I’m mildly excited. The old, old, old oven in our New Zealand house finally gave up the ghost. It belonged to the previous owners and had seen better days even then I reckon. So we had to bite the bullet and get a new cooktop and stove. We decided to go with induction technology. And this also meant throwing out pots and pans and buying ones that can be used with an induction cooker. Fortunately, Briscoes had a 60% off sale so we managed to get some Hampton & Mason stuff, plus some Scanlon cookware from Farmers (sadly, not on sale).

I say I’m mildly excited because an induction cooktop has no horrid electrical coils and cooking is much faster and more energy-efficient. As you know dear reader, I’ve only recently discovered the room in the house known as a kitchen (after years of working in organisations). And besides, I’ve never really been much of a whiz in the kitchen.

But this induction business is so super-fast and easy, I had to whip up a tea cake. Tea cakes seem to have gone out of fashion. I well remember growing up with afternoon soirées filled with tea cakes and cucumber sandwiches (courtesy of my mother who was quite the entertainer in her younger years). The tea cakes were always lightly dusted with cinnamon and sugar. And I loved them.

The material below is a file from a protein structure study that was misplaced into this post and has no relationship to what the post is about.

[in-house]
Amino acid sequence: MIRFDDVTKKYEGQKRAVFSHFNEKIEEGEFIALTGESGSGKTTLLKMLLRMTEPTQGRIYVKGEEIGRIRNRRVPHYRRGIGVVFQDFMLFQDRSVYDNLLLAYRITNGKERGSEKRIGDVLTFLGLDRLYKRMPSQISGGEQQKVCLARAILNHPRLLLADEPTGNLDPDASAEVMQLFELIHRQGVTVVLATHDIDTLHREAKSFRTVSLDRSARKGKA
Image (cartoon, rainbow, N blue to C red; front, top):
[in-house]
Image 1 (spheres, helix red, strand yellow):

The old oven, however, used to give me grief. Without fail, it would burn the outside edges of cakes and was one of those hideous “hot ovens” (an oven that just seems to have one temperature, hot). But with induction technology, I got the perfect tea cake first go. The recipe is from my mother’s handwritten recipe book and is from the 1940s (it was actually my grandmother’s recipe but my mother made it regularly).

1 tablespoon butter

2 eggs, well-beaten

1/2 cup sugar

1 heaped cup self-raising flour (sifted)

almost 1/2 cup milk

1 teaspoon vanilla

pinch of salt

1 teaspoon melted butter

Pre-heat oven to 180C/356F. Cream butter and sugar, then add eggs, milk, vanilla, salt and then the sifted flour. You end up with a mixture that looks a bit like the consistency of whipped cream. Whack mixture into a cake tin – round or square – and bake for 30 minutes. Whilst tea cake is still hot, brush melted butter across top of cake and sprinkle with sugar and cinnamon. Serve with a piping hot cup of wonderfully made tea.

New induction cooktop and oven - teacake is baking inside.

My mother's handwritten recipe.

Tea cake - fresh out of the oven, brushed with melted butter and dusted with sugar and cinnamon.